Wednesday, March 23, 2016


There is a young gal who volunteers at the non-profit I work for who has become my hero.  I do not know what issues she’s had to deal with specifically, but I do know that less than two years ago she was in a motorized wheel chair.  She would struggle with one hand to control the levers that operated the chair and she would arrive with her fellow classmates in a bus from a local High School – all under constant supervision.  I was often in a position to provide tasks for these students, as part of their volunteerism/therapy.  She was always the quietest, as she seemed to struggle to communicate, and she was seemingly the least motivated to get involved.
In the spring of 2014, I was invited to a graduation ceremony for many of these students.  I found myself overcome with emotion, as the teachers and administrators gave out awards and certificates to these kids and told stories of their burgeoning independence.  It was touching to learn about their strides and efforts made throughout their time at school.  It made me realize, more than ever, not to take anything that I do have for granted.  But then, of course, I kind of forgot.

Last Halloween, I experienced a hemorrhagic stroke.  The genetic disorder Von Hippel Lindau (VHL) that I’ve written about in these pages numerous times before ( like here) was the culprit.  I had a small hemangioblastoma that decided to burst, which, while wandering the streets, trick or treating with some friend’s kids, caused a major headache, nausea and an inability to walk without drifting sideways.  Of course, I did not know this at the time, nor did I seek medical help for a couple of days – thinking things would improve, which is strange since I was with a close friend when he had a stroke and I’ve seen the horrific damaging effects of a brain hemorrhage on my brother.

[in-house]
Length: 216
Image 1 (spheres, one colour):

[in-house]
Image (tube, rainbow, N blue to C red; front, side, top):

After Halloween, things got much worse.  First, I had another brain bleed and it wasn’t long before I lost the ability to walk at all, while also losing control of my left side.  I spent much of November and December in the hospital and half of January in an inpatient rehabilitation hospital. 

During these extended hospital stays, my life became centered around very basic things.  Did I have a bowel movement today?  Can I touch my nose and touch my doctor’s index finger alternately with the index finger of each of my hands?  Can I stand without holding on to something for support for 30 seconds without falling?  You get the gist.  I found myself super excited and incredibly nervous when my physical therapist had me walk a few steps without aid and I was able to do so.  I found myself overcome with a huge swell of emotion when I was able to stand and touch my left foot to a step and return it with actual control and without violently falling to my right like I had every previous time.  These tiny victories were the only things that motivated me and continue to keep me going to my weekly physical therapy appointments. 

Once again, I am now able to drive.  I am able to walk with the aid of a cane.  I am able to shop for groceries and make my own simple meals.  I can do laundry and kind of clean my apartment and myself.  Everything takes more effort than I could’ve ever imagined prior to the stroke, and it all takes a lot more time than it ever used to.  My left hand seems to continue to do its own thing, which is a constant frustration, but I am getting by.

I see that same young gal volunteering at work a couple of times a week now that I am back at work.  She continues to come in, except these days she comes in on her own.  She has progressed so that she stands on her feet and uses a four-wheel walker, in place of a wheelchair, and she travels to and from the work place on the regular bus completely on her own.  She is always bright and cheery and outgoing and she now does projects that take fine motor skills without hesitation nor does she ever show frustration.  She is amazing!  She has gained so much independence and has achieved so much in such a short amount of time.  She is such an inspiration, as she continues to gain her independence, and she has taught me so much.  I can only hope that I progress and achieve as much as she has.

Tuesday, March 15, 2016

The Art of Telling the Truth

Magnet School
The Art of Telling the Truth
(Shifting Sounds)